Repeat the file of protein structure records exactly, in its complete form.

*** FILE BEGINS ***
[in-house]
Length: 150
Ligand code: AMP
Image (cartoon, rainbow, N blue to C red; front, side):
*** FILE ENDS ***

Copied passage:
[in-house]
Length: 150
Ligand code: AMP
Image (cartoon, rainbow, N blue to C red; front, side):